Edited 1/23/2013

There’s been some discussion about this article, and it seems like it could use a little clarification and context.

This post is specifically about the question of comics as a financially viable career, and how heavily to weight the opinion of publishers or other industry pros in your decision to pursue that career. It is not about how (or whether) to live a creative life. No publisher is in a position to tell anyone to stop making art, and thank goodness for that.
 
In the “Behind the Scenes” series on the First Second blog, we provide practical insight into the workings of our corner of the publishing industry.There often isn’t a lot of transparency in the publishing industry, and one of the goals of this series of articles is to offer more transparency into how First Second does business.  These posts are generally prompted by questions we’re frequently asked by authors and artists.

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So there’s been a little discussion happening about publishers and other industry professionals and what they might have to say about the quality of your work – and the likelihood of you having a career in comics – and how seriously you ought to take them.

Faith Erin Hicks wrote this lovely and wonderfully inspiring piece about all the times she persevered in the face of active discouragement from people in her field – from authorities in her field – and the success she’s had as a cartoonist despite others’ doubts.  (And thank goodness for her indomitability, say I – because I love love love her work, and love love love working with her.)

Then my colleague Gina posted this funny and true blog post about how publishers, like other upright-walking hominids, are in fact only human. We don’t always get it right! Sometimes we tell people to get out of comics and then those people turn out to be, I dunno, Paul Pope and Lynda Barry. (Note: I have never told either Paul Pope or Lynda Barry to get out of comics.)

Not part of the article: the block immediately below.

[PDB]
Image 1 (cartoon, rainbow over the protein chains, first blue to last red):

Believing in your work is absolutely necessary in order to succeed in this business, and no matter how talented and accomplished you are, you are likely to face a lot of rejection from various corners – there are only so many readers, publishers, websites, etc, in the world. It’s a competitive business.

But the unpleasant fact is, not everybody is publishable.

Not everybody is publishable, and not everybody has the necessary combination of talent, work ethic, and will-power to make a career in comics happen. Or: you might have all those qualities, but not in comics. Maybe you’ve got what it takes to be a great teacher, or computer programmer, or writer, but not a good cartoonist.

Here’s the thing: publishers are in a pretty good position to make this call. We’re not perfect, as we’ve established, but we look at a lot of work, and we have a general sense of who has “it” and who doesn’t. Our livelihood depends on us making good calls here, so we invest a lot of time and effort into it.

Of course sometimes publishers are wrong. Even lots of publishers can be wrong – lots of publishers, all saying the same thing, all wrong about the same thing. The place where we’re most likely to err, I’d guess, is when it comes to telling the difference between someone who’s going to be great in five years and someone who’s never going to be any good. That’s a tough call to make, and I’ve probably screwed that one up a bunch of times personally.

I have never told anyone outright not to pursue a career in comics. But I have warned many, many aspiring cartoonists to develop other skills; to have the ability to build a different – or related – career while they’re waiting to see if comics works for them. Like many creative careers (acting, music, the fine arts, etc) you should expect to have to support yourself with other stuff while you’re getting better at your art, and making contacts in the industry.

(In fact, most working cartoonists I know – people who have, definitively made it in comics – still do a lot of other stuff for money. I only know a handful of cartoonists who support themselves with only comics work.)

So you can buy yourself some time to hone your craft while you pay the bills with weasel husbandry or telephone repair or what have you, but at some point, you have to start doing the mental arithmetic.

Because, to put it frankly, it can be hard to tell if you’re bravely persevering in the face of others’ unfair discouragement of your art, or foolishly persevering in the face of others’ accurate assessment of your limited talents. And you may never know, honestly, but you still probably need to make a decision. So:

AT WHAT POINT DO YOU GIVE UP?

Of course this call is different for everyone. It depends on a lot of factors, and on how much you personally care about those different factors. These might include:

How much money have you invested in this career? Did you pay for an expensive art-school education? Are you in debt? This could influence your decision either way, actually: you might say, “I have so much money sunk in this, I can’t give up now!” (note: this is problematic at best – there’s even a name for it: the “sunk cos